It has been with great concern that I have noticed the increase in the number of attacks on women and men accused of infidelity, more often than not resulting in the death of one or both partners. And the question always is, “Wha happen to these men nowadays?” I would like to offer a new slant to the view that men are always in the wrong and to offer some advice based on my own personal experience.
In Guyana and around the world we always hear about abused women and hardly ever of abused men. And there are countless organisations to help and support abused women, and how many for abused men? The thing is that men who are abused usually do not complain or have no one they can turn to or talk to. They are afraid of being laughed at and being ridiculed and even being blamed for their predicament if or when they confide in their relatives, friends, the police or even their religious leaders. So they endure their abuse in silence, be it verbal, emotional or psychological, or sexual, until eventually it becomes overbearing and they react violently and attack their partner physically.
Of course none of these violent acts could ever be justified and in order to avoid them, men, and also women, need to do something as early as possible. But first one must be able to recognise when one is in an abusive relationship. One should ask oneself the following questions, the answers to which are the key to recognizing an abusive relationship:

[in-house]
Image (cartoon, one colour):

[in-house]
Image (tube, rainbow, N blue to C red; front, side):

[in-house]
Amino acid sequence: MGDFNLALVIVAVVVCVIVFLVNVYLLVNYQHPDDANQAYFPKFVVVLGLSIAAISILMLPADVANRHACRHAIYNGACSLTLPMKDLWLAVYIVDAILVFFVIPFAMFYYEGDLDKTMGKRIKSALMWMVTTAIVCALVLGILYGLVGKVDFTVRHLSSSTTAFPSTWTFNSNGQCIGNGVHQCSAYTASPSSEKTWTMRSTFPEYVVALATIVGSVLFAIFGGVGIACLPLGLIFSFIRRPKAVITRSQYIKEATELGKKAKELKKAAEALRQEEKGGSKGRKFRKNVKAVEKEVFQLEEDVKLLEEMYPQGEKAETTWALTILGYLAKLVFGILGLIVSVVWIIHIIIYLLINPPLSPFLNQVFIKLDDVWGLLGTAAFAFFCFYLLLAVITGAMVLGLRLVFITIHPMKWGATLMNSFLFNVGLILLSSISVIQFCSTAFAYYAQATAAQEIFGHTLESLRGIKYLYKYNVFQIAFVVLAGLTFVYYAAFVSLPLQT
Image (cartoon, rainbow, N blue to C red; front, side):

● Does your partner tease you in a hurtful way in private or in public?
● Does your partner call you names?
● Does your partner act jealously in relation to your friends, family, or co-workers?
● Does your partner make fun of you, your friends or your activities?
● Does your partner get angry about the way you dress, your hairstyle or make-up?
● Does your partner check up on you by calling, driving by or getting someone else to do it?
● Has your partner gone to places with you or sent someone just to “keep an eye on you”?
● Does your partner insist on knowing who you talk to on the phone?
● Does your partner blame you for their problems or their bad moods?
● Does your partner get angry so easily that you feel you are walking on eggshells?
● Does your partner hit walls, break stuff or do other things that scare you?
● Does your partner often drink or use drugs?
● Does your partner insist that you drink or use drugs with them?
● Have you lost friends or no longer see some of your family because of your partner?
● Does your partner accuse you of being interested in someone else?
● Does your partner take your personal belongings and keep them in order to get you to do something you don’t want to do?
● Does your partner dare you to do things you would not normally do?
● Does your partner challenge you to prove your love and loyalty?
● Does your partner get drunk or high in order to punish you?
● Does your partner force you to have sex when you don‘t want to?
● Does your partner force you to have sex in ways that you do not want to?
● Does your partner leave marks on you in obvious places to prove ownership?
● Does your partner threaten to kill you or themselves if you leave?
● Does your partner act one way in front of others and another way in front of you?
If anyone experiences one or more of the above, they need to take stock of their relationship and may need to get out of it before it‘s too late. Here are some simple steps that can be taken to help end domestic abuse:
1. Tell yourself that you deserve to be treated better.
2. Stop blaming yourself for the abuse.
3. Tell someone you trust, or who will listen – break the silence.
4. Start counselling and ask for help; lean on someone.
5. Stop protecting the abuser and hiding the abuse.
6. Do not be ashamed any longer and try to face your fears.
7. Tell yourself you are being abused. Do not deny it any longer.
8. Share your courage and strength with others.
9. Focus on yourself physically, emotionally and spiritually.
The longest journey begins with the first step. Tell someone and break the silence.